In his recent book Bad Religion, New York Times columnist Ross Douthat argues that, while political engagement is an essential part of the Christian presence in the world, American Christians have perhaps put too much emphasis on political engagement and party politics to the exclusion of other aspects of Christian witness. He recommends that Christians recover a more holistic presence in the world, and he places a dedication to fostering sanctity and beauty in the center of this recovery.
He is not the only Christian commentator to offer recently this same analysis. The University of Virginia sociologist James Davison Hunter lamented the politicization of Christianity in his widely popular yet deeply scholarly To Change The World. Gregory Wolfe, editor of the journal Image, argues in Beauty Will Save The World that Christians need to understand the primacy of culture in shaping how people think, and learn to engage the world through beautiful cultural production rather than partisan battles.
One need not abandon all commitment to political engagement to appreciate the point these authors make. What they ask us to reject is the idea that politics is king, the ultimate and only paradigm through which we approach the world.
The marriage debate is an instructive example. Modern Family is a popular, smartly written, and brilliantly funny comedy about three families: a traditional nuclear family, a May-December couple, and a gay couple. The lovable gay couple is presented as a perfectly normal and unexceptional aspect of the show’s social landscape. Christians can make all the arguments they want about the conjugal union, but for the average person Modern Family presents an image of family life that speaks more eloquently than words, certainly more eloquently than the relatively abstruse language of much of the marriage debate.
Any success Christians have in the political marriage debate is more than countered by the cultural power of the understanding of marriage embodied in our popular art. Culture is prior to politics, and gay marriage has only become a political possibility because our culture has already accepted certain perspectives on human flourishing, marriage, and sex. And it is our art which has been a large contributing factor to ratifying and encouraging these perspectives.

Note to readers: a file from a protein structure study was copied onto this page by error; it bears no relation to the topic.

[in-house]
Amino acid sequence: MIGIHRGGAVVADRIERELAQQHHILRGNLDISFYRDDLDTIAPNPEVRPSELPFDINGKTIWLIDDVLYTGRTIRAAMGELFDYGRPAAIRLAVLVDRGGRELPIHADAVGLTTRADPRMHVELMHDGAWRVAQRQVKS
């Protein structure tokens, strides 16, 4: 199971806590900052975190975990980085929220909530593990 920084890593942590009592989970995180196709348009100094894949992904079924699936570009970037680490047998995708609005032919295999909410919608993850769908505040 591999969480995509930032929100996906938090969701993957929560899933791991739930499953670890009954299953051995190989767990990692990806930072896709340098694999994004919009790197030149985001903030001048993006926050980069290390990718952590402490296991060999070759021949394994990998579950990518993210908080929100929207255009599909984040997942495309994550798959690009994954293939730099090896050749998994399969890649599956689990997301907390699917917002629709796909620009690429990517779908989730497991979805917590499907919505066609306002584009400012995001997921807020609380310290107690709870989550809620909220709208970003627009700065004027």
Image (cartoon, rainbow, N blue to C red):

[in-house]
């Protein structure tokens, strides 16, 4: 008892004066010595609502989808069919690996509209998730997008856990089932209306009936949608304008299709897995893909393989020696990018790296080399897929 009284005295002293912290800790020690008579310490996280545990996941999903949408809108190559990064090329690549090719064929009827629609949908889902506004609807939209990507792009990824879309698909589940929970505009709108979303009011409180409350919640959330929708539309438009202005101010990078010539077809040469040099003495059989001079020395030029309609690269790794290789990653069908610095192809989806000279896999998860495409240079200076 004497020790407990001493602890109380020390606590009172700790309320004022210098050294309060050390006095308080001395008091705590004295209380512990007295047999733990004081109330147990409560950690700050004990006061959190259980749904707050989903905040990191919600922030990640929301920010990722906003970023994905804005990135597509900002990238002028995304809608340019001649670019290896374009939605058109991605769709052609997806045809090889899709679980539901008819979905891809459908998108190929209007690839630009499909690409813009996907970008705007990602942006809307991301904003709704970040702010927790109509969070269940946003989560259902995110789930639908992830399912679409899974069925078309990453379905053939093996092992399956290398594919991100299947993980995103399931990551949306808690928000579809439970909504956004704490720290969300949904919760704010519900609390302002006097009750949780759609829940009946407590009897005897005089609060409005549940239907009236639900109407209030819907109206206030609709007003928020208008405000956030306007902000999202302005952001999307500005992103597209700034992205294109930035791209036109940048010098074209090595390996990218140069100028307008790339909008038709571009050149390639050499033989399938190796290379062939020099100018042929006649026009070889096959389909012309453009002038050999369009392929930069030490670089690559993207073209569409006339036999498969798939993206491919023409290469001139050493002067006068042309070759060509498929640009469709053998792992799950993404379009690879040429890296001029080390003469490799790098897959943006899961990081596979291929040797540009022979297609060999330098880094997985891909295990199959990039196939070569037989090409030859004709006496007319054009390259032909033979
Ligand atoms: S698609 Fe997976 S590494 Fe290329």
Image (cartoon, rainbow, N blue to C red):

Or take Christianity itself. Some popular shows—Glee, for instance, or House—have taken the trouble to include Christian characters in their cast. Their portrayals of Christians, however, have almost always been flat, stereotypical, unattractive, and utterly unrepresentative of the actual lived life of a Christian. What you see in these shows is the efforts of the writers to take their best guess at what a Christian is like, but utterly failing both because they themselves are not Christians and because they often cannot help but let their skewed perception of Christianity influence their work.
The TV series West Wing was not kind to Christian social conservatives, but Aaron Sorkin, the series’ creator, did occasionally offer grudging respect for fiscal conservatives. Though himself a political liberal, he often put his characters—the top staff in a Democratic administration—in situations where they were forced to reconsider their biases against conservatives, or forced to reevaluate their positions on key political issues. The occasion of these reconsiderations was often an encounter with a compelling conservative character (e.g., Ainsely Hayes). These occasionally sympathetic portrayal of conservatives did more to normalize conservatism among some of Sorkin’s liberal viewers than any real life political speech could do. What if we had one or two popular artworks that interacted with Christianity in a similar way?